This is the first draft of the section on melee.
Fighting occurs when one of your groups attempts to move into a square that is already occupied (defended) by an enemy group. When you activated your group, you moved them to the edge of the target square and tested for Resolve. If they passed their resolve to push home the assault, the melee begins.
Fighting consists of rounds of duels between individuals.
Your opponent (the defender) spreads out his figures so they can be all seen. You can ask him to point out which of his figures is the leader, but he does not have to reveal anything else about them (such as who has sharpshooter skills or who has the ability to double as an artillerist, for example).
You (the attacker) now pair up each one of your figures with each one of the defending figures. Any of your figures may attack any of the defender’s, but you must attack every defending figure if possible. If you have more figures than the defender, you may assign your extra figures to any of the duels as you wish.
If the defender has unengaged figures left after you have finished assigning your figures, he may assign his excess however he wishes.
Duels are resolved one at a time. Combat is simultaneous; both you and your opponent draw cards for the same duel at the same time. You may resolve the duels in any order. To resolve each duel, do this:
1 Calculate any Advantages your figure has. This is how many additional cards you may draw from the top of the deck. Every figure may draw a minimum of one card. Your opponent also calculates how many additional cards he may draw for the defending figure by identifying any Advantages he has.
2 Draw and flip the cards onto the table and compare your attack with your opponent’s defense.
3 The winner is the figure who draws at least one card that beats all of his opponent’s drawn cards. If there is a tie, use the suit rank to trump and break the tie. The suit rank used in More Escarmouche is the same as that used in Bridge: Spades (highest), Hearts, Diamonds, Clubs (lowest).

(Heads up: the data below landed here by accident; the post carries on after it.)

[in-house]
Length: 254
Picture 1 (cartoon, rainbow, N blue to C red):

If more than one card beats all of the opponent’s cards you may choose which is the ‘winning’ card.
4 The winning card determines the effect on the defeated figure:
Hearts: killed. Lay the figure face down on the table.
Diamonds: wounded. Lay the figure face up on the table, or mark him with a token.
Spades or Clubs: evicted. Move the figure out of the square. A defeated attacker withdraws to the sqaure he came from. A defeated defender may be moved to any square away from enemies. If there is no square available to retreat to because they are all occupied by enemies, the figure is killed.
5 Continue this process for every duel. If there are still attackers and defenders left in the square at the end of every duel, the figures may be paired up again for another round of duels.
Repeat steps 1 to 4 until either only your figures or your opponent’s remain in the square; the combat only ends when there are only attacker or defender figures left in the square
6 At the end of any round of combat (every duel has been resolved) either you or the defender (in that order) may break off combat and retreat all of the surviving figures out of the contested square.
Charging (1st round only)
Pike armed (1st round only)
Defending class IV terrain (structures)
Cavalry attacking infantry that are in open formation
Special case: two or more figures against one
Every figure in the duel calculates Advantages and draws cards as usual.
The figure by himself (let’s say he is the defender) only has this one draw in order to defeat the multiple draws of the attackers.
Since all combat is simultaneous, it is possible that the defender defeats one of the attackers but is defeated by another. Both of these results apply.
Special case: civilians (artillery, baggage and camp followers) and animals
Civilians of all types do not fight. If their square is attacked they immediately drop or abandon whatever they have and flee to an adjacent square.